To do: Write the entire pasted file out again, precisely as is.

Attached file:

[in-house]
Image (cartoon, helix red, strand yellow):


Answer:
[in-house]
Image (cartoon, helix red, strand yellow):